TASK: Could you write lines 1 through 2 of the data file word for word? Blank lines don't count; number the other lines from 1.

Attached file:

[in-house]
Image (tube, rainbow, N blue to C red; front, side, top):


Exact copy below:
[in-house]
Image (tube, rainbow, N blue to C red; front, side, top):